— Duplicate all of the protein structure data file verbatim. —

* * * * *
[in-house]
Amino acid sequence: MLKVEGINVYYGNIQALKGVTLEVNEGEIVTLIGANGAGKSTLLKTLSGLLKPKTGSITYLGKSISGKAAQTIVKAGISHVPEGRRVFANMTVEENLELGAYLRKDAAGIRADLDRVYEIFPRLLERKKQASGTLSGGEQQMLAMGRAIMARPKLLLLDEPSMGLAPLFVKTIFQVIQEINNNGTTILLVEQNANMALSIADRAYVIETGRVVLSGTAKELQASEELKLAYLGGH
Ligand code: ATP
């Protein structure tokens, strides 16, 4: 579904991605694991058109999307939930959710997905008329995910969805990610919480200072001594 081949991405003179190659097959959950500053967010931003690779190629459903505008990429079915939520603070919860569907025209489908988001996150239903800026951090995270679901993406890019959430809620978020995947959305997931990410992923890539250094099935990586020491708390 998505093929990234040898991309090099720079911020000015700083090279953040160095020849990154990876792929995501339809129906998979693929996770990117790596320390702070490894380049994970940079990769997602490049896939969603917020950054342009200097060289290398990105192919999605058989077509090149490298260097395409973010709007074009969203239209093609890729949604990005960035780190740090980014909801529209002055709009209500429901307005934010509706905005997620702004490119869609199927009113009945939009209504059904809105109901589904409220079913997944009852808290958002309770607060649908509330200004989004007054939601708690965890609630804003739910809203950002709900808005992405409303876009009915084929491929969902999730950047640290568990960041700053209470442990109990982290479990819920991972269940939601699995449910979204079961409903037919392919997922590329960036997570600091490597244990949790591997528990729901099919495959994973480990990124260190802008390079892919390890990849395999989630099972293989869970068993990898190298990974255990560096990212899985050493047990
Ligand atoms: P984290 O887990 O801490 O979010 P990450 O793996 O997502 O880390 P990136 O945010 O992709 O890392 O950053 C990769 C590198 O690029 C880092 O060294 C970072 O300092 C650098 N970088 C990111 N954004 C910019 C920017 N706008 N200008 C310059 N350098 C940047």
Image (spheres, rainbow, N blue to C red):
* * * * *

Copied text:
[in-house]
Amino acid sequence: MLKVEGINVYYGNIQALKGVTLEVNEGEIVTLIGANGAGKSTLLKTLSGLLKPKTGSITYLGKSISGKAAQTIVKAGISHVPEGRRVFANMTVEENLELGAYLRKDAAGIRADLDRVYEIFPRLLERKKQASGTLSGGEQQMLAMGRAIMARPKLLLLDEPSMGLAPLFVKTIFQVIQEINNNGTTILLVEQNANMALSIADRAYVIETGRVVLSGTAKELQASEELKLAYLGGH
Ligand code: ATP
């Protein structure tokens, strides 16, 4: 579904991605694991058109999307939930959710997905008329995910969805990610919480200072001594 081949991405003179190659097959959950500053967010931003690779190629459903505008990429079915939520603070919860569907025209489908988001996150239903800026951090995270679901993406890019959430809620978020995947959305997931990410992923890539250094099935990586020491708390 998505093929990234040898991309090099720079911020000015700083090279953040160095020849990154990876792929995501339809129906998979693929996770990117790596320390702070490894380049994970940079990769997602490049896939969603917020950054342009200097060289290398990105192919999605058989077509090149490298260097395409973010709007074009969203239209093609890729949604990005960035780190740090980014909801529209002055709009209500429901307005934010509706905005997620702004490119869609199927009113009945939009209504059904809105109901589904409220079913997944009852808290958002309770607060649908509330200004989004007054939601708690965890609630804003739910809203950002709900808005992405409303876009009915084929491929969902999730950047640290568990960041700053209470442990109990982290479990819920991972269940939601699995449910979204079961409903037919392919997922590329960036997570600091490597244990949790591997528990729901099919495959994973480990990124260190802008390079892919390890990849395999989630099972293989869970068993990898190298990974255990560096990212899985050493047990
Ligand atoms: P984290 O887990 O801490 O979010 P990450 O793996 O997502 O880390 P990136 O945010 O992709 O890392 O950053 C990769 C590198 O690029 C880092 O060294 C970072 O300092 C650098 N970088 C990111 N954004 C910019 C920017 N706008 N200008 C310059 N350098 C940047």
Image (spheres, rainbow, N blue to C red):